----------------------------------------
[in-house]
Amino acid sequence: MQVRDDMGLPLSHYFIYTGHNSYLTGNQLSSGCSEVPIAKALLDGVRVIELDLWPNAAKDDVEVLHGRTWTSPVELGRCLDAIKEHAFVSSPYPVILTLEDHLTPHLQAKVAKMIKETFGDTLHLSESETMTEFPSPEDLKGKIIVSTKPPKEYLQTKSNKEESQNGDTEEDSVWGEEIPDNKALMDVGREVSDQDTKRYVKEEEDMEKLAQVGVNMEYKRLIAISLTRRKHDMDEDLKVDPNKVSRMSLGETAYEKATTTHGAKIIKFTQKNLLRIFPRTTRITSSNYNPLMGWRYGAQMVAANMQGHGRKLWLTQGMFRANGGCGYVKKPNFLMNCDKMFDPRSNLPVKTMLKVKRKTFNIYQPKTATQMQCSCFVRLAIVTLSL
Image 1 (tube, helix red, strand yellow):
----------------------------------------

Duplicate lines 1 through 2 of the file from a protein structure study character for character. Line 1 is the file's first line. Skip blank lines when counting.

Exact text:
[in-house]
Amino acid sequence: MQVRDDMGLPLSHYFIYTGHNSYLTGNQLSSGCSEVPIAKALLDGVRVIELDLWPNAAKDDVEVLHGRTWTSPVELGRCLDAIKEHAFVSSPYPVILTLEDHLTPHLQAKVAKMIKETFGDTLHLSESETMTEFPSPEDLKGKIIVSTKPPKEYLQTKSNKEESQNGDTEEDSVWGEEIPDNKALMDVGREVSDQDTKRYVKEEEDMEKLAQVGVNMEYKRLIAISLTRRKHDMDEDLKVDPNKVSRMSLGETAYEKATTTHGAKIIKFTQKNLLRIFPRTTRITSSNYNPLMGWRYGAQMVAANMQGHGRKLWLTQGMFRANGGCGYVKKPNFLMNCDKMFDPRSNLPVKTMLKVKRKTFNIYQPKTATQMQCSCFVRLAIVTLSL